The world will never be the same as it was before the COVID-19 pandemic. There is only post-pandemic now. This includes the permanent changes to the American economy and workforce. When the pandemic first hit, uncertainty followed. Businesses from all industries adjusted to remote work if possible. With the country under lockdown orders, and intense social distancing regulations in place, the traditional in-office work lifestyle that Americans had grown so accustomed to was non-existent.

Today, more than 15 months after the initial national lockdown, businesses are at a crossroads. Do they remain in a remote setting, implement a hybrid model, or maybe return all employees back to their offices and cubicles? The answer might actually lie with employees. Since transitioning to a work-from-home style, many employees have been able to cultivate a healthier, happier work-life balance than previously held. In some ways, the pandemic has provided a silver lining to desk-sitting Americans. By working remotely, individuals have been able to eliminate frustrating commutes, get more sleep, better keep their house in order, spend more quality time with family, friends, and pets — all while maintaining their same level of productivity.

This past year, many remote employees have gotten comfortable and felt safe in their work-from-home environment. Even as more vaccines are administered, with roughly 41 percent of all Americans being fully vaccinated (as of June 2021), hesitancy still exists. Some employees are still wary of COVID-19 and the future evolution of the virus, while others are content with the flexibility remote work affords them. Either way, many employees have been forcing the hand of their employers to move to a remote work model. If the business decides to force employees out of their homes and back into conference rooms, well, many employees are just quitting. In a survey of American adults, 39 percent reported they would consider quitting their jobs if employers made them return to the office. That number jumped to 49 percent when just looking at Millennials and Gen Z respondents.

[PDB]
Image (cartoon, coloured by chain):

This all culminates in remote work being the newest retention tool in today’s workforce. Put plainly, employees are realizing they have more options in the workforce than previously thought. With more companies offering full-time remote roles, and people ditching the past work-life balance model for a more flexible, individual framework, businesses are seeing that remote work is a bargaining chip they may need to use to keep their talent from going elsewhere.

The Working Relationship Between Remote Work, Employees, & Businesses

Some of the major hesitation companies face with remote work is a drop in employee efficiency and a lack of oversight. While these are valid concerns, their basis is rooted in decade’s old thinking. When remote work first became a possibility, the internet and adjacent technologies were nowhere near their capabilities as today. At-home network connections weren’t as fast, homes lacked certain tools like fax machines, and conferencing into meetings for a presentation wasn’t really useful. Issues like these would slow down the day-to-day tasks of many employees, and disrupt any chance of effective team collaboration. Additionally, other than the employee’s word, how could companies really verify they were working?

Today, those two main roadblocks have been removed and remote work and in-office work can almost be interchanged without notice. Multiple studies have looked at the productivity and efficiency of remote work compared to in-office. The results across the board have shown productivity to not be deterred by remote work — and in some cases, it has increased the workload employees accomplish due to the ability to pick up work at any hour of the day.

As for transparency into an employee’s day-to-day, countless tracking, collaboration, and communication tools have been invented specifically for remote work and geographically separated teams. Companies can now have their employees’ work hours logged, their online status monitored, and their search history scanned. Applications like Slack, Google Drive, Microsoft Teams, and so on enable teams to carry on daily functions as if they were sitting right beside each other.

The question is no longer if remote work is viable for businesses, but instead if businesses are willing to make that option available? In a PWC survey, 83 percent of polled employers and 71 percent of polled employees said that remote work over the past year has been successful. Despite that, many businesses are still clinging to the idea of having employees return to the office at least part-time, citing that being in-office:

  • Increases productivity
  • Provides a space to meet with clients
  • Enables effective employee collaboration
  • Holds company culture together

Employees aren’t opposed to a hybrid model but they don’t see eye to eye on the number of in-office days that their employers desire. In that same PWC survey, over 50 percent of employees would like to work remotely at least three days a week. In the end, it goes back to employees holding the negotiating advantage here. Other job opportunities exist that offer a more flexible remote work model. The life habits, workflow, and freedom that has come with abandoning the office and hunkering down at home have fully sunk in — and employees seem to be ready to make this the status quo. Companies now must weigh what is important, retaining employees or having rows of cubicles filled?

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